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Burning Issue: Are m&e experts providing the best fan solutions?

When it comes to the selection of fan coil motors are we, as an industry, doing enough to provide the solution best suited to the requirements of the end user, asks Peter Faruqi of Dunham Bush
Burning Issue: Are m&e experts providing the best fan solutions?
IT'S probably true to say that the knowledge and expertise embedded in the building services industry is not always fully appreciated or utilised by end clients. I would suggest that one of the ways that we can improve our standing is to use those skills to make sure clients are supplied with the best solutions for their needs. However, I am not convinced that we, as an industry, always do that.

A case in point is the selection of fan motors for fan coil units. Basically, there are three options - an AC external rotor motor, a DC external rotor motor or a correctly sized AC internal rotor motor. As a company that offers all three options, Dunham Bush sees much variation in selection criteria and, indeed, selection suitability.

For instance, there is an increasing call for DC motors at present, in response to demands for greater efficiency.

DC motors will certainly offer efficiency improvements over AC motors. However, in the majority of projects, while energy consumption is justifiably important, it is not the only consideration. Of course, there are some projects where carbon footprint is all and cost is immaterial, but they are few and far between.

In my opinion, this is where suppliers need to be careful. For example, consider a potential refurbishment project where the fan coils are operating acceptably, but the end client is considering upgrading to a newer and more efficient model.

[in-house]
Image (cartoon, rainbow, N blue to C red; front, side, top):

In most cases, the deal maker or breaker is going to be pay back, and there tends to be a relatively long pay-back period for DC motors. On a recently quoted project, for example, it would have taken around 10 years to cover the extra cost of DC motors through the energy savings achieved while operating during typical office hours, compared with the correctly-sized AC equivalent.

In these cases, it may be better to opt for a lower priced, Part L-compliant correctly sized AC fan motor that gives a fast pay-back and ensures the project goes ahead rather than a solution that will rule itself out by virtue of an unacceptable pay-back. It may mean opting for a specific fan power approaching 0.45W/(l/s), rather than one approaching 0.25W/(l/s), which is typically achieved using DC motors, but it is still well within the limiting 0.8W/(l/s) specified by Part L. If the project goes ahead and inefficient products are replaced with more efficient products, everyone is a winner.

The same principle applies to the specification of external rotor motors, of the AC or DC variety. This high level of performance may not always be necessary and a correctly sized internal rotor motor may be more appropriate.

In general, the size of an external rotor motor ensures that it will overcome some very hefty external static pressures. A typical fan coil unit equipped with four such assemblies, with a combined power rating of 800W, will easily cope with 150Pa.

The majority of air conditioning systems are designed such that system pressure does not exceed 30Pa and so the fans will be throttled back all the time and operating at a point well below their optimum efficiency. So, for systems with average external static pressures of around 30Pa, it will often be more efficient to use critically sized fan motors rated at about 80W.

Underlying all of these points is an observation that specifiers don't always look as carefully as they might at the particular requirements of the project, and specifications often get copied from one job to the next because of time pressures. At the end of the day though, this is not giving the clients what they are paying for - and what they have a right to expect from our industry.
1 September 2007


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